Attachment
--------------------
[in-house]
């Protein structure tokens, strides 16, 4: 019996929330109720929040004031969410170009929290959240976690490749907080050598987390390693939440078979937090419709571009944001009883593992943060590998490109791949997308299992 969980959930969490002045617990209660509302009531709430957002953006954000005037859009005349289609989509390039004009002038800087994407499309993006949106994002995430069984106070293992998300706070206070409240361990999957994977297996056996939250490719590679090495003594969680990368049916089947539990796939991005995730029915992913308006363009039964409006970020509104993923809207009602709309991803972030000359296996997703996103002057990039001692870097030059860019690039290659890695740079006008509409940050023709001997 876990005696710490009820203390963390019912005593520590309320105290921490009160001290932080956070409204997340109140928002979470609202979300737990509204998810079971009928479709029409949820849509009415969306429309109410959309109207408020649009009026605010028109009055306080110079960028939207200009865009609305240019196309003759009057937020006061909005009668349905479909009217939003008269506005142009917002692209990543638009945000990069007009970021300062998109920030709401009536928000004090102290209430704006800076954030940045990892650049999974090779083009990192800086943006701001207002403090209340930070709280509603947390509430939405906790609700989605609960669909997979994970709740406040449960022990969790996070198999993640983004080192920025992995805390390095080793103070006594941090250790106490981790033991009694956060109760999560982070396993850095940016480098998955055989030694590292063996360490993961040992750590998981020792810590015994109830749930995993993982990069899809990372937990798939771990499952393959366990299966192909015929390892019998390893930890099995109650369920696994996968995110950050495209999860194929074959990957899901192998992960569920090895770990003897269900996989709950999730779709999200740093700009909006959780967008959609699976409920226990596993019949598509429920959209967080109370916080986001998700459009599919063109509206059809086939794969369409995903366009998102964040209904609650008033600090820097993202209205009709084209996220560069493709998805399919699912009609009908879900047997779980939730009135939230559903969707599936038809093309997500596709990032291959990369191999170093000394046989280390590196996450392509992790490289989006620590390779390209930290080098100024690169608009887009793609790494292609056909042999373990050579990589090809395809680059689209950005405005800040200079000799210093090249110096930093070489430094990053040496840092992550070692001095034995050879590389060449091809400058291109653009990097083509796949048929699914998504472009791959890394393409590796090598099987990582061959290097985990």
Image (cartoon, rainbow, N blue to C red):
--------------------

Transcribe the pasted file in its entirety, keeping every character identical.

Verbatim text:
[in-house]
């Protein structure tokens, strides 16, 4: 019996929330109720929040004031969410170009929290959240976690490749907080050598987390390693939440078979937090419709571009944001009883593992943060590998490109791949997308299992 969980959930969490002045617990209660509302009531709430957002953006954000005037859009005349289609989509390039004009002038800087994407499309993006949106994002995430069984106070293992998300706070206070409240361990999957994977297996056996939250490719590679090495003594969680990368049916089947539990796939991005995730029915992913308006363009039964409006970020509104993923809207009602709309991803972030000359296996997703996103002057990039001692870097030059860019690039290659890695740079006008509409940050023709001997 876990005696710490009820203390963390019912005593520590309320105290921490009160001290932080956070409204997340109140928002979470609202979300737990509204998810079971009928479709029409949820849509009415969306429309109410959309109207408020649009009026605010028109009055306080110079960028939207200009865009609305240019196309003759009057937020006061909005009668349905479909009217939003008269506005142009917002692209990543638009945000990069007009970021300062998109920030709401009536928000004090102290209430704006800076954030940045990892650049999974090779083009990192800086943006701001207002403090209340930070709280509603947390509430939405906790609700989605609960669909997979994970709740406040449960022990969790996070198999993640983004080192920025992995805390390095080793103070006594941090250790106490981790033991009694956060109760999560982070396993850095940016480098998955055989030694590292063996360490993961040992750590998981020792810590015994109830749930995993993982990069899809990372937990798939771990499952393959366990299966192909015929390892019998390893930890099995109650369920696994996968995110950050495209999860194929074959990957899901192998992960569920090895770990003897269900996989709950999730779709999200740093700009909006959780967008959609699976409920226990596993019949598509429920959209967080109370916080986001998700459009599919063109509206059809086939794969369409995903366009998102964040209904609650008033600090820097993202209205009709084209996220560069493709998805399919699912009609009908879900047997779980939730009135939230559903969707599936038809093309997500596709990032291959990369191999170093000394046989280390590196996450392509992790490289989006620590390779390209930290080098100024690169608009887009793609790494292609056909042999373990050579990589090809395809680059689209950005405005800040200079000799210093090249110096930093070489430094990053040496840092992550070692001095034995050879590389060449091809400058291109653009990097083509796949048929699914998504472009791959890394393409590796090598099987990582061959290097985990």
Image (cartoon, rainbow, N blue to C red):